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Kernel interfaces and vDSO test

Getting Suckered

Last week a colleague of mine came up to me and showed me some of the vDSO on PowerPC and asked why on earth does it fail vdsotest. I should come clean at this point and admit that I knew very little about the vDSO and hadn't heard of vdsotest. I had to admit to this colleague that I had no idea everything looked super sane.

Unfortunately (for me) I got hooked, vdsotest was saying it was getting '22' instead of '-1' and it was the case where the vDSO would call into the kernel. It plagued me all night, 22 is so suspicious. Right before I got to work the next morning I had an epiphany, "I bet 22 is EINVAL".

Virtual Dynamically linked Shared Objects

The vDSO is a mechanism to expose some kernel functionality into userspace to avoid the cost of a context switch into kernel mode. This is a great feat of engineering, avoiding the context switch can have a dramatic speedup for userspace code. Obviously not all kernel functionality can be placed into userspace and even for the functionality which can, there may be edge cases in which the vDSO needs to ask the kernel.

Who tests the vDSO? For the portion that lies exclusively in userspace it will escape all testing of the syscall interface which is really what kernel developers are so focused on not breaking. Enter Nathan Lynch with vdsotest who has done some great work!

The Kernel

When the vDSO can't get the correct value without the kernel, it simply calls into the kernel because the kernel is the definitive reference for every syscall. On PowerPC something like this happens (sorry, our vDSO is 100% asm): 1

/*
 * Exact prototype of clock_gettime()
 *
 * int __kernel_clock_gettime(clockid_t clock_id, struct timespec *tp);
 *
 */
V_FUNCTION_BEGIN(__kernel_clock_gettime)
  .cfi_startproc
    /* Check for supported clock IDs */
    cmpwi   cr0,r3,CLOCK_REALTIME
    cmpwi   cr1,r3,CLOCK_MONOTONIC
    cror    cr0*4+eq,cr0*4+eq,cr1*4+eq
    bne cr0,99f

    /* [snip] */

    /*
     * syscall fallback
     */
99:
    li  r0,__NR_clock_gettime
    sc
    blr

For those not familiar, this couldn't be more simple. The start checks to see if it is a clock id that the vDSO can handle and if not it jumps to the 99 label. From here simply load the syscall number, jump to the kernel and branch to link register aka 'return'. In this case the 'return' statement would return to the userspace code which called the vDSO function.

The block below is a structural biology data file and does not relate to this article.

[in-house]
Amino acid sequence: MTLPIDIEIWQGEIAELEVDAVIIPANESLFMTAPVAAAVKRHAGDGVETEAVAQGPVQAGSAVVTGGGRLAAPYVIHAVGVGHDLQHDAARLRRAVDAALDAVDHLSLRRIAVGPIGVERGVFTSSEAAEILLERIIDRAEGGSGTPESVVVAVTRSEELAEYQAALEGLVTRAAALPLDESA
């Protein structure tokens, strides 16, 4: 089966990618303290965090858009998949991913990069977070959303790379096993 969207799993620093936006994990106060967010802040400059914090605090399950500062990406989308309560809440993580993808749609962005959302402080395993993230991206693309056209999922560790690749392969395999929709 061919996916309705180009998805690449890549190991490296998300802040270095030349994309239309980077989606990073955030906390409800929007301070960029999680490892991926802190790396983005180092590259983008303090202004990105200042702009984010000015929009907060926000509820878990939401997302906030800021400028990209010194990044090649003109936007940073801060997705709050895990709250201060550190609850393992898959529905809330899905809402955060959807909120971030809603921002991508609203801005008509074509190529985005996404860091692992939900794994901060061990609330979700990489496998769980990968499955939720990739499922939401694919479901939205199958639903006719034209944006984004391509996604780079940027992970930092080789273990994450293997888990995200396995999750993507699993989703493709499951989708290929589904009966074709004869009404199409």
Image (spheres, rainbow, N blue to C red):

Wait, having the vDSO calling into the kernel call gets us the wrong result? Or course it should, vdsotest is assuming a C ABI with return values and errno but the kernel doesn't do that, the kernel ABI is different. How does this even work on x86? Ohhhhh vdsotest does 2

static inline void record_syscall_result(struct syscall_result *res,
                     int sr_ret, int sr_errno)
{
    /* Calling the vDSO directly instead of through libc can lead to:
     * - The vDSO code punts to the kernel (e.g. unrecognized clock id).
     * - The kernel returns an error (e.g. -22 (-EINVAL))
     * So we need to recognize this situation and fix things up.
     * Fortunately we're dealing only with syscalls that return -ve values
     * on error.
     */
    if (sr_ret < 0 && sr_errno == 0) {
        sr_errno = -sr_ret;
        sr_ret = -1;
    }

    *res = (struct syscall_result) {
        .sr_ret = sr_ret,
        .sr_errno = sr_errno,
    };
}

That little hack isn't working on PowerPC and here's why:

The kernel puts the return value in the ABI specified return register (r3) and uses a condition register bit (condition register field 0, SO bit), so unlike x86 on error the return value isn't negative. To make matters worse, the condition register is very difficult to access from C. Depending on your definition of 'access from C' you might consider it impossible, a fixup like that would be impossible.

Lessons learnt

  • vDSO supplied functions aren't quite the same as their libc counterparts. Unless you have very good reason, and to be fair, vdsotest does have a very good reason, always access the vDSO through libc
  • Kernel interfaces aren't C interfaces, yep, they're close but they aren't the same
  • 22 is in fact EINVAL
  • Different architectures are... Different!
  • Variety is the spice of life

P.S I have a hacky patch waiting review


  1. arch/powerpc/kernel/vdso64/gettimeofday.S 

  2. src/vdsotest.h 

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